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Using Telnet to troubleshoot your mail system

Telnet is old school, but it's still a handy tool for troubleshooting email and other services.
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Using telnet to troubleshoot email
"July 11, 2018" by osseous is licensed under CC BY 2.0

For this article, I use example.com as the domain name for mail servers and email addresses. In addition, I use the standard ports of 25 for SMTP and 110 for POP3.

The first thing you’ll need to do is install Telnet if it is not already present. (Telnet is not automatically installed on all systems in favor of the more secure SSH protocol.) To install Telnet on a Red Hat Enterprise Linux-based system, type:

$ yum install telnet

Testing an SMTP mail server

Now that you have Telnet installed, you’re ready to start. Let’s first verify that your SMTP server is available by connecting to it via Telnet with the following command:

$ telnet mail.example.com 25

Once connected, you will receive a response similar to the following:

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Telnetting into the email server.

Initiate the connection with the SMTP service by using the following command:

ehlo smtp.example.com

The response looks like this:

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ehlo output

You are now ready to send an email. Start by telling the system what email address the mail is coming from:

mail from: admin@example.com

The system will then acknowledge that the information is in the correct syntax, in the same format used in the previous image.

Image
The mail server's response to ehlo.

Next, tell the system the recipients’ email address or addresses with the following command:

rcpt to: user1@example.com 

The system acknowledges that the information is in the correct syntax, as follows:

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The recipient's email address is valid.

Tell the system that you are beginning the body of your email by typing data as follows:

data

The system will respond with a single dot (.) on its own line, which ends the email headers:

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Email headers complete.

Now, set the subject and write the email’s content. Then, tell the system to send the email by using the dot (.) as follows:

subject: test

Test that your email addresses are working properly.

Thanks,

SysAdmin
.

The system then reports that the email was accepted for delivery:

Image
Email accepted.

Exit the session by typing quit, which disconnects us as shown here:

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Session closed.

Testing a POP mail server

Now, check the configuration of your POP3 service, which is provided by Dovecot. The first step is to connect to the server over POP3, which is served on port 110:

$ telnet mail.example.com 110

Once connected, you will receive a response similar to the following:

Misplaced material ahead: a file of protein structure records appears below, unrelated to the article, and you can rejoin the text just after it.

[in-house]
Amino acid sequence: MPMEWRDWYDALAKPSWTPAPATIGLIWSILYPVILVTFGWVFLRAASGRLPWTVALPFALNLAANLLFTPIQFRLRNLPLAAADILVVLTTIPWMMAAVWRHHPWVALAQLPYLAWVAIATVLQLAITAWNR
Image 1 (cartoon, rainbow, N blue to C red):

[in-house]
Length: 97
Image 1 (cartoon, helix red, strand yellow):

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Connecting to the POP mail server.

Next, provide the information for the user account you’re accessing. In this case, verify that user1 received the email you just sent them:

user user1

You see that the username is correct with:

Image
The user user1 received the email.

Next, use the following command to authenticate using the user’s password:

pass xxxxxxxx

If the user and password are correct, the authentication is confirmed as follows:

Image
Userpass output

 

To check and see what mail is available, use the list command:

 

list

This command returns a list of all email for that user, and the size of that email, as shown below (it does not return any other information). 

Image
The list command's results.

To read an email, we need to use the retr command, which is short for retrieve:

retr 1

In this case, you asked to retrieve email number one, which as you can see is the email you sent directly via SMTP through Telnet:

Image
Reading an email.

As this was a test email, delete it from the system using the dele command, as follows:

dele 1

Here you can see that the system responds that the mail is marked as deleted:

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Deleting the email.

Run the list command again. You can see that there is no longer any email:

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The user now has no email.

As with the SMTP services, we can type quit to exit:

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Disconnecting from the server.

Wrapping up

You can tell a lot by using Telnet to perform basic email server testing. Whether you’re using POP or SMTP, experiment with this process when things are going well so you can see when things go wrong.

What to read next

Topics:   Networking   Linux  
Author’s photo

Amy Marrich

Amy Marrich is the Open Source Community and Global Training Manager at O.A.T and previously was the OpenStack Instructor at Linux Academy, a Linux System Engineer on the Platform Engineering Cloud Operations team at Rackspace. More about me

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